Can you imagine if Congressional Democrats had proposed a budget which damaged Virginia in the myriad of ways listed below (source: U.S. Senate Democrats)? Republicans like Bob McDonnell and Eric Can’tor would be going nuts, calling Democrats “irresponsible” and “reckless” and “job killing” and all the rest. Now that their own party has proposed doing exactly that, of course, Republicans like McDonnell and Can’tor are absolutely silent. Just as McDonnell is silent as his party moves to shut down the government because they don’t like Planned Parenthood (or whatever crazy “issue” they’re spittin’ mad about today), potentially causing severe harm to the economy of Virginia. In short, when it comes to Republicans like Bob McDonnell and Eric Can’tor, hyper-partisanship trumps what’s best for Virginia every single time (see this video for evidence that the whole point here is “to score a victory for the Republican people”).
IN VIRGINIA, GOP PLAN COULD CUT UP TO $22.6 BILLION FROM HEALTH CARE, NURSING HOME BENEFITS FOR RESIDENTS
The new Republican budget reflects upside-down priorities – it protects special interest subsidies and tax breaks for those at the top, and cuts deep into the heart of the programs that are essential to the health of our seniors. The Republican budget ends Medicare as we know it – and their plan to cut $1.4 trillion in health care services through Medicaid would put an end to vital services that seniors depend on like nursing home care and home health aides. If Republicans get their way, Virginia residents would lose $22.6 billion in health benefits, and 372,470 could see their coverage cut entirely.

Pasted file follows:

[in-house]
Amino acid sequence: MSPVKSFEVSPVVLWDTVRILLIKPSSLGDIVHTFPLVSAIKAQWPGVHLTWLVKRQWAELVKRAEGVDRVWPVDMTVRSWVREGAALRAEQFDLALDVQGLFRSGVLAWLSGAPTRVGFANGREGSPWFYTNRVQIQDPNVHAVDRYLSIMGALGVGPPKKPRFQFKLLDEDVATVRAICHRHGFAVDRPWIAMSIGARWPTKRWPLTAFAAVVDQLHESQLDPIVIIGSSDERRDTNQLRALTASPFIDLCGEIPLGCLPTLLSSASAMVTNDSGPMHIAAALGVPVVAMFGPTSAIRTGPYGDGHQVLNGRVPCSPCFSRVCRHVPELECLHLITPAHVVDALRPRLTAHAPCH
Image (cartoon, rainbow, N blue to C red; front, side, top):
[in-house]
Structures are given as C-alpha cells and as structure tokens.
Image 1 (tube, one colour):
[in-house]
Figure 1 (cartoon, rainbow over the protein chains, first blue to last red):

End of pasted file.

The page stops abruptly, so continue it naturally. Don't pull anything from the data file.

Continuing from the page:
Democrats are committed to reducing the deficit by eliminating wasteful subsidies and combating fraud and abuse in health care programs while protecting Medicaid and Medicare for seniors.
GOP Plan Could Force At Least 372,470 Virginia Residents Off Medicaid. Medicaid currently provides health coverage to roughly 785,700 Virginia residents, with the federal government picking up 50% of Virginia’s Medicaid costs. At a minimum, the Ryan Plan could remove at least 372,470 Virginia residents from the program. [Kaiser Commission on Medicaid, 2/2011; Kaiser Commission on Medicaid, 5/2010; Kaiser State Health Facts, accessed on 4/1/2011]
Block Grant System Could Shift Cost to State Government, Slashing Health Benefits in Virginia By Up to $22.6 Billion When the State Already Faces a Budget Crisis. House Budget Chairman Paul Ryan’s proposal could slash $22.6 billion in health benefits from Virginia over the next ten years, including $12.1 billion in federal investments and $10.5 billion to expand eligibility in the state. Virginia is already facing a $2 billion budget shortfall in Fiscal Year 2012, and a block grant system would force the state and local governments to either slash benefits or raise taxes to cover the shortfall. [Congressional Budget Office, 11/17/10; Center on Budget and Policy Priorities, 3/9/11; Kaiser State Health Facts, accessed 4/5/11].
Elderly Population in Virginia is Expected to Skyrocket from 12.4% to 18.8% by 2030. In Virginia, 244,100 seniors and people with disabilities rely on Medicaid to get the health care services they need. In 2030, 18.8% of the total population of Virginia is expected to be 65 years old or older, up from 12.4% in 2010. For aging and elderly populations, Medicaid covers services that other programs, including Medicare, do not cover, like nursing home care. The Ryan plan would require larger and larger Medicaid cuts over time, just as more seniors require Medicaid and health care costs continue to rise. [U.S. Census Bureau, State Interim Population Projections by Age and Sex: 2004 – 2030; Kaiser Commission on Medicaid, 2/2011].
FLASHBACK: Under ’95 Block Grant Plan, Virginia Would Have Faced $598 Million Cut to Health Benefits in the First Year Alone. In 1995, House Republicans proposed a Medicaid block grant plan similar to the plans offered today. If the 1995 block grant plan had become law, Virginia would have received $598 million less in federal health benefits.